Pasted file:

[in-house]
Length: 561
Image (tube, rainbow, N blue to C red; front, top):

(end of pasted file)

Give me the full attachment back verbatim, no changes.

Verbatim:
[in-house]
Length: 561
Image (tube, rainbow, N blue to C red; front, top):